The Man Who Lost His Leg in Horrendous Lake Nasworthy Boating Accident Faces Long Road to Recovery
SAN ANGELO, TX — It was the afternoon of July 4 at Lake Nasworthy. The day at the lake was winding down for friends on a powerboat. Jeremy Amenta remembers standing on a platform near the stern as the boat approached the shore. Then the boat reversed its direction causing Jeremy to fall into the water underneath the boat near the engine. His leg was caught in the boat’s propeller.
What happened is still murky in Jeremy’s memory so we pieced together his recollection with what the Texas Parks and Wildlife reported. Jeremy does know that when his leg was severed off just above the right knee, his life changed forever.
Jeremy said he doesn’t blame the boat driver or anyone else for the events of that tragic afternoon on July 4 but he does credit three friends for saving his life that day. Dustin and Jeremy Gilbert, and Ronn Jenkins pulled him out of the water and onto the shore that afternoon. They then worked hard and fast applying a makeshift tourniquet to slow the bleeding. Their quick reaction likely saved Jeremy’s life.
Above: Jeremy Armenta had just been loaded into the ambulance for a fast ride to Community Medical Center on July 4, 2018. (LIVE! Photo/Sam Fowler)
“These men are my heroes,” he said, still standing on one leg in a hospital room at Community Medical Center. Dr. Michael Keezy Boyd and Dr. Robert Alexander worked tirelessly in surgery patching the wound. The severed leg was found a day later in the water and there was no hope of re-attaching it.
Right before Jeremy’s friends applied the tourniquet, Jeremy remembers looking down at where his leg once was. The severity of the injury was shocking, he said.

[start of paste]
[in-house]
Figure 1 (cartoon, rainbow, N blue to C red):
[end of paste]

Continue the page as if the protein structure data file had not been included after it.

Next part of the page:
“I thought, this is it, this is the end, and then I passed out,” he recalled.
His doctors put him to sleep in an induced coma for a few days. “I woke up hearing the docs asking if I can hear them,” he recalled. Then one of the doctors asked him to raise a finger. “I flipped him the bird,” Jeremy laughs.
Jeremy said he is no longer in shock and still has a good idea of what happened. He remains on a pain regimen, and his blood pressure is a bit high. However, he did not need as much blood as the experts thought he would. He has since been up and walking around with the aid of crutches.
During our interview, Jeremy reached down to where is leg once was to scratch. “It’s a phantom limb,” Jeremy explained what his doctors told him. “It’s definitely a real thing.”
Jeremy’s doctors explained to him that many of his nerves believe his missing leg is not yet gone. Nor have his remaining nerves coordinated with his brain that his leg that had been there for 45 years is now gone. The doctors advised him to go ahead and scratch it and act like its there anyway.
“I can still feel my foot, and my foot has pins and needles right now. I’ve heard of phantom limbs and read about it, but I had never fathomed that it would be this real! My leg really feels like it’s still there,” Jeremy said.
Now that the trauma portion of his recovery is winding down, Jeremy is looking towards his rehabilitation. He is an electrician by trade and works for Socha Electric. He wants to eventually return to his job, but he is realistic that he faces a long road to full recovery.
Today, Jeremy is interviewing with a rehabilitation center in Abilene to see if they will take him. The facility will require Jeremy to undergo very aggressive physical therapy. Then there is the task of getting a prosthetic leg fitted for him.
Above: Jeremy Armenta (Facebook)
However long it takes him, he will be out of work for a long time. Meanwhile, therapy and prosthetics are expensive. To aid, friends and families have announced fundraisers and benefits to help get Jeremy back to work where he wants to be.
On July 14, at Lone Wolf Pub, 115 Paint Rock Rd., all bartenders there promise to contribute 100 percent of their tips to Jeremy for his treatment.
On Saturday, Sept. 29 at noon, a benefit is planned at the Knights of Columbus Hall, 3636 N. Bryant Blvd.
Jeremy said he is overwhelmed by the friends and acquaintances who have provided him a support system. These are friends genuinely concerned for Jeremy’s well-being and his future and they all keep Jeremy’s spirits high.
“Everyone, cherish every moment because you never know when it will be your last day, or when something like this will happen to you,” Jeremy said.
Janessa Nuñez contributed to this report.